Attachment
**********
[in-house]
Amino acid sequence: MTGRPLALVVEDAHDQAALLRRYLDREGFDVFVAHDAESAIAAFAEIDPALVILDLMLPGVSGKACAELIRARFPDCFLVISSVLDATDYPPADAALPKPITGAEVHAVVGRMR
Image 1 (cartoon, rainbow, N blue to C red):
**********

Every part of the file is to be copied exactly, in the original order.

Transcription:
[in-house]
Amino acid sequence: MTGRPLALVVEDAHDQAALLRRYLDREGFDVFVAHDAESAIAAFAEIDPALVILDLMLPGVSGKACAELIRARFPDCFLVISSVLDATDYPPADAALPKPITGAEVHAVVGRMR
Image 1 (cartoon, rainbow, N blue to C red):